The critical and creative learner

Whilst at Plymouth University, you'll have plenty of opportunities to develop and practise your:

1. Specialist subject knowledge and expertise

Understanding how its knowledge can be applied in a broader context and how your learning can be transferred to new contexts. Building on the foundational principles and theories in your discipline, to the point where you eventually develop your own specific way of understanding it, potentially in a niche area.

2. Critical thinking

Developing your questioning, analytical, and problem-solving skills. Having the confidence and willingness to challenge theories, evidence and research in your field, being able to evaluate relevant strengths and weaknesses, put forward informed arguments, and reflect on your choices.

3. Creativity and enterprise

Recognising opportunities, being happy to experiment, take risks and make mistakes, and then learning from your experience. Considering things from unique perspectives by employing different methods of thinking and looking for and making new connections, both within and sometimes across discipline areas. 

4. Research skills and information literacy

Being curious and resourceful, identifying and accessing appropriate sources, practising effective information management, and using digital, communication and media technologies with professionalism and confidence. Being aware of how knowledge is generated through the various research methodologies and what implications each has on the validity and reliability of data, as well as how to go about planning and managing research projects, and the different ways findings can be presented.

5. Learning and study skills

Through continuous reflection, appreciating the multiple ways in which we gain and understand knowledge, being prepared to experiment with new approaches, sometimes taking risks and learning from mistakes. Being aware of how you learn and ‘learning to learn’ effectively.

How can I develop these attributes further?

  • Look at the reading lists for your modules and read around subjects; don’t just look for answers.
  • Identify and access the key journals in your field, check these regularly; or, even better, arrange email alerts for when new issues are out or specific topics are reported on.
  • Is your programme underwritten or accredited by a professional governing body or institute? If so, regularly visit their webpages to see what is going on in your field.
  • Look out for news articles in the wider media that might impact on your subject.
  • If PALS is running in your programme make sure you go to the PALS sessions, and think about becoming a PALS leader as you progress.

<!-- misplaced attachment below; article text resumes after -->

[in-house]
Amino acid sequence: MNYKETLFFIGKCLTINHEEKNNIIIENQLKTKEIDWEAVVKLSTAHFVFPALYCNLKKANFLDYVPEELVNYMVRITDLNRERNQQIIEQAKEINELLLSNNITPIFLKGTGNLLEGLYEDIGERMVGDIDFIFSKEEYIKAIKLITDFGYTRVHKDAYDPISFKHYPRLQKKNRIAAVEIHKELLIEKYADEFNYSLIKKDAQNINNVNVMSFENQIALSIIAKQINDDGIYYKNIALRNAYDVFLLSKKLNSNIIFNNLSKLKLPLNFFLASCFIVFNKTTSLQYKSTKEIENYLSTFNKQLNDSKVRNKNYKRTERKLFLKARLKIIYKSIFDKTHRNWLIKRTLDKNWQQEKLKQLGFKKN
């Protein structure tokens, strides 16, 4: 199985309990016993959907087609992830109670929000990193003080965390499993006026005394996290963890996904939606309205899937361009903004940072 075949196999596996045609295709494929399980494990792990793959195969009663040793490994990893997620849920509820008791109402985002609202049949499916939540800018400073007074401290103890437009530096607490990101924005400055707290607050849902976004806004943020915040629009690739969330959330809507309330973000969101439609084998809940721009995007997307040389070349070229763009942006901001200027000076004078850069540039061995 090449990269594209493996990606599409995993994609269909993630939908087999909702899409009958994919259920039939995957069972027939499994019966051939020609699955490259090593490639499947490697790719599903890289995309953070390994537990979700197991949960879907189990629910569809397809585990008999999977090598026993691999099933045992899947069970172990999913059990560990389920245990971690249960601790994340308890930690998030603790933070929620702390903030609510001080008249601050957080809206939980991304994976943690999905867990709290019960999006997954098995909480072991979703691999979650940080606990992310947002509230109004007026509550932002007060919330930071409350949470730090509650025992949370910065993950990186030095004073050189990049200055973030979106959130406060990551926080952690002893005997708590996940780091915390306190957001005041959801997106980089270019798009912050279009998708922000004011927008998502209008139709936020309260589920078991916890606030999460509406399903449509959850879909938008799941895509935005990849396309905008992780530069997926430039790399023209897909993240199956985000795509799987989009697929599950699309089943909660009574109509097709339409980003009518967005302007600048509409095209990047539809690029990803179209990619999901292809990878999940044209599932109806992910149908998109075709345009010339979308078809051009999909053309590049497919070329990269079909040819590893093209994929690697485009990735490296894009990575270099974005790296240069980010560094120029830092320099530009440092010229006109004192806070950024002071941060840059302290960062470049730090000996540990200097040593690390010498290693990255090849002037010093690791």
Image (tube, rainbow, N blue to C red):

• There are a number of books in the Library that talk about critical thinking in general, and some more specifically in relation to HE.  There might also be some that are just for your discipline. A good starting point is Cottrell’s Critical thinking skills, or Bowell & Kemp’s Critical thinking: a concise guide, and a slightly more advanced text is Wallace and Wray’s Critical reading and writing for postgraduates, which is just as good for the later stages of undergraduate study.
  • The Learning Development DLE page has some information about critical thinking as well as a study guide for it.
  • Make notes and reflect on your approach to research whenever you do it, so that you can look back at what went well and what could have been done better.
  • Look at what the researchers in your subject area are looking at and how they are conducting the research, show an interest in it and don’t be afraid to ask questions; most researchers are more than happy to talk about their work.
  • As your studies progress think carefully about, and work towards, the topic(s) you might want to focus on in your final year, this could be really helpful for your employment prospects in that area.
  • Identify what software programs can help you in your studies, writing and research, such as managing references, project management, handling data and statistical analysis, etc., and become familiar with these. Whilst it might take time to ‘get to know’ these programs they’ll often save time in the long-term.
  • Are you overly reliant on any specific forms of information, such as from the internet or from textbooks, do you always go to the same sources?  If so, try to make a conscious effort to explore information from other sources, such as e-journals.  
  • Experiment with alternative ways of doing things such as note-making, essay planning or revision, quite often we find that we are better suited to approaches we’ve never tried or considered before. It’s good to test these out early on in your studying so that by the time you’re getting towards the end of your programme you are working as effectively and productively as possible.
  • Reflect regularly on your progress, write this down, so that you can identify where you are feeling confident and doing well, and where you perhaps need to change things or try something new.

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